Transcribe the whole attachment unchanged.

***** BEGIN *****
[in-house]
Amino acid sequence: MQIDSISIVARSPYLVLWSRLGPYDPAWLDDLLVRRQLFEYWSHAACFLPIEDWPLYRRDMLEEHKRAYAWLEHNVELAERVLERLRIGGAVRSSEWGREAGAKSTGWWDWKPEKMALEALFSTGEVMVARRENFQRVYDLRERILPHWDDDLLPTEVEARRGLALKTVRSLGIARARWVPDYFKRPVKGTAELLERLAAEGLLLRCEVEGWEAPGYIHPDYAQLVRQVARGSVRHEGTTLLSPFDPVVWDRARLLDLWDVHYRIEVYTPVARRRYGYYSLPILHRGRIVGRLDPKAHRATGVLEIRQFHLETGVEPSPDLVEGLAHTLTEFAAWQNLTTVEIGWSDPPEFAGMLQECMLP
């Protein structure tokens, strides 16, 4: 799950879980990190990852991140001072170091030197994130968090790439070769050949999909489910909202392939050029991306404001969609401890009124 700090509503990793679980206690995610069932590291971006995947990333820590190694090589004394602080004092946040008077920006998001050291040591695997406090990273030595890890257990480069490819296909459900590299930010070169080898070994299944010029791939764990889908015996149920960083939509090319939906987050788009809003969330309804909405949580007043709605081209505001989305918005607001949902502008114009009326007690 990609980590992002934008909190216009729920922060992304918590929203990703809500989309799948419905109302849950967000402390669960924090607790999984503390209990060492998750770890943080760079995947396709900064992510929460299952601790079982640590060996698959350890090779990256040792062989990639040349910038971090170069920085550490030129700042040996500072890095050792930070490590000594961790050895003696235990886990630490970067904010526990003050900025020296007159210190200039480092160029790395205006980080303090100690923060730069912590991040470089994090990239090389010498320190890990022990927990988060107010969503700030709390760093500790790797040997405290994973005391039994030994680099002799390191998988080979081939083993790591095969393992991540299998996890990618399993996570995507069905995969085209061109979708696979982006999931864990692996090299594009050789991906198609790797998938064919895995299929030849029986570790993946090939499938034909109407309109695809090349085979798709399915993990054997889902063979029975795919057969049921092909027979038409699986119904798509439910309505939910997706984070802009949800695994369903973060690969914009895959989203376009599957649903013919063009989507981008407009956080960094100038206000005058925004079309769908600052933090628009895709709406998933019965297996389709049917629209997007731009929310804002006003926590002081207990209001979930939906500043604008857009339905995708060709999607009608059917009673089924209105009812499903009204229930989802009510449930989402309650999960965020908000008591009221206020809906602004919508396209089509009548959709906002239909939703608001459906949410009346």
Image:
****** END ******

[in-house]
Amino acid sequence: MQIDSISIVARSPYLVLWSRLGPYDPAWLDDLLVRRQLFEYWSHAACFLPIEDWPLYRRDMLEEHKRAYAWLEHNVELAERVLERLRIGGAVRSSEWGREAGAKSTGWWDWKPEKMALEALFSTGEVMVARRENFQRVYDLRERILPHWDDDLLPTEVEARRGLALKTVRSLGIARARWVPDYFKRPVKGTAELLERLAAEGLLLRCEVEGWEAPGYIHPDYAQLVRQVARGSVRHEGTTLLSPFDPVVWDRARLLDLWDVHYRIEVYTPVARRRYGYYSLPILHRGRIVGRLDPKAHRATGVLEIRQFHLETGVEPSPDLVEGLAHTLTEFAAWQNLTTVEIGWSDPPEFAGMLQECMLP
């Protein structure tokens, strides 16, 4: 799950879980990190990852991140001072170091030197994130968090790439070769050949999909489910909202392939050029991306404001969609401890009124 700090509503990793679980206690995610069932590291971006995947990333820590190694090589004394602080004092946040008077920006998001050291040591695997406090990273030595890890257990480069490819296909459900590299930010070169080898070994299944010029791939764990889908015996149920960083939509090319939906987050788009809003969330309804909405949580007043709605081209505001989305918005607001949902502008114009009326007690 990609980590992002934008909190216009729920922060992304918590929203990703809500989309799948419905109302849950967000402390669960924090607790999984503390209990060492998750770890943080760079995947396709900064992510929460299952601790079982640590060996698959350890090779990256040792062989990639040349910038971090170069920085550490030129700042040996500072890095050792930070490590000594961790050895003696235990886990630490970067904010526990003050900025020296007159210190200039480092160029790395205006980080303090100690923060730069912590991040470089994090990239090389010498320190890990022990927990988060107010969503700030709390760093500790790797040997405290994973005391039994030994680099002799390191998988080979081939083993790591095969393992991540299998996890990618399993996570995507069905995969085209061109979708696979982006999931864990692996090299594009050789991906198609790797998938064919895995299929030849029986570790993946090939499938034909109407309109695809090349085979798709399915993990054997889902063979029975795919057969049921092909027979038409699986119904798509439910309505939910997706984070802009949800695994369903973060690969914009895959989203376009599957649903013919063009989507981008407009956080960094100038206000005058925004079309769908600052933090628009895709709406998933019965297996389709049917629209997007731009929310804002006003926590002081207990209001979930939906500043604008857009339905995708060709999607009608059917009673089924209105009812499903009204229930989802009510449930989402309650999960965020908000008591009221206020809906602004919508396209089509009548959709906002239909939703608001459906949410009346």
Image: